In a bowl, whisk together the eggs and cheese. Set aside. In a 12-inch skillet over medium heat, add the bacon and cook until it is browned and the fat has rendered (fat is cooked slowly and becomes a liquid), 8 to 10 minutes. Set aside.
Bring a large pot of heavily salted water (2 tablespoons of kosher salt) to a boil over high heat. Add the pasta and cook, stirring occasionally, until al dente (tender but firm to the bite), according to the package instructions. Reserve about 1 cup of the cooking water and drain the rest.
Slowly whisk 1/2 cup of the reserved cooking water into the egg-cheese mixture. Return the skillet with the bacon to medium heat and rewarm. Add the pasta and 1/4 cup of the reserved cooking water and toss to combine. Remove the pan from the heat, pour in the egg-cheese mixture and toss well to combine. Season generously with pepper. Serve immediately and add extra parmesan cheese to plates. Serves 4.
20 cherry tomatoes, halved
½ cucumber, halved and sliced
½ cup feta cheese, crumbled
¼ cup kalamata olives, pitted and chopped
15-oz can chickpeas, drained and rinsed
3 tablespoons olive oil
2 tablespoons red wine vinegar
1 garlic clove, smashed and minced
1 teaspoon dried oregano
½ teaspoon dijon mustard
¼ teaspoon kosher salt
⅛ teaspoon pepper
In a medium bowl, combine tomatoes, cucumber, feta, olives, and chickpeas. In a measuring cup, whisk together olive oil, red wine vinegar, garlic, oregano, and dijon. Season with salt and pepper.
Pour dressing over the salad and toss lightly. Taste and add salt and pepper if needed. Serves 4.
Sopa de Lima
Tomato, Lime, and Tortilla Soup
3-4 tablespoons olive oil
1 large onion, chopped coarsely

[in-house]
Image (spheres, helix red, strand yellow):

4 garlic cloves, minced
1 teaspoon ground cumin
1/2 teaspoon oregano
Black pepper to taste
2 teaspoons salt
1 fresh jalapeño pepper, chopped finely
32-oz can diced tomatoes
3 cups vegetable stock
Grated Monterey Jack cheese, cilantro, and tortillas
In a large pot, sauté the onions, 1 teaspoon salt, garlic, and spices in the olive oil for 4 to 5 minutes on medium heat. Add the jalapeños and sauté for another 3 minutes.
Add the tomatoes and sprinkle with 1 teaspoon salt. Cover the pot and cook on medium, stirring frequently, until the tomatoes begin to release their juices, about 10 minutes (depending on the tomatoes).
Add the vegetable stock, bring everything to a boil, and simmer for 15 minutes. Add the lime juice and serve immediately. Garnish with grated Monterey Jack cheese and cilantro (optional). Serve with tortillas. Serves 6.
4 cups old-fashioned oats
½ cup unsalted butter
½ cup honey
½ teaspoon ground cinnamon
¼ teaspoon salt
Preheat oven to 350 degrees.
Add oats to a medium bowl; set aside. In a small pot, melt butter over low heat, and add honey. Cook for 4 minutes, stirring frequently until bubbly and well-combined. Add cinnamon and salt; pour over oats stirring well until all coated. Pour onto a sheet pan with edges and spread out into an even single layer. Bake for 30 minutes, stirring every 10 minutes. Remove from the oven and cool completely. Store in an airtight container. Serve with yogurt and fresh fruit. Serves 6.
Photos: Jenny Tremblay West